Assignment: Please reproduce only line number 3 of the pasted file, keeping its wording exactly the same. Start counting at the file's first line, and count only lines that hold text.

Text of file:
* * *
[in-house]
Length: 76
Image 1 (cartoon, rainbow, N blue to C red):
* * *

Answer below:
Image 1 (cartoon, rainbow, N blue to C red):